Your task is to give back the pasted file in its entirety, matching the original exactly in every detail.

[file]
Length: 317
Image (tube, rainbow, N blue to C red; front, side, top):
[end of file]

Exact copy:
Length: 317
Image (tube, rainbow, N blue to C red; front, side, top):